Assessments of praise and blame tend to reflect existing hierarchies of power and status, thereby reifying them. This is because praise and blame have as much to do with the person judging as the person being judged. If everyone in a meritocracy wants to get ahead, assessments of praise and blame will be influenced by whatever helps people to get ahead – namely heaping praise on the powerful and respected, and castigating those without power and status. This is obviously true with meritocracies that most people explicitly reject, such as white supremacy and patriarchy – hierarchies drawn along racial and gender lines. These systems have persisted despite the baseless moral judgments on which they are grounded, because those living within the system are incentivised to see such judgments as legitimate. Meritocracies in general convince those within the system to echo the moral assessments on which they are based as objective and justified, when in fact they are shaped not by objective criteria but by the qualities of the powerful. Praise and blame are ideological blinders that uphold the legitimacy of the meritocratic hierarchy.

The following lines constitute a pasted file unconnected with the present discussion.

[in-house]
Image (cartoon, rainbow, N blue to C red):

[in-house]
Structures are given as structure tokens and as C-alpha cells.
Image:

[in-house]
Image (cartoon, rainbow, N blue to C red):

Let us now stop praising famous men (and women) | Aeon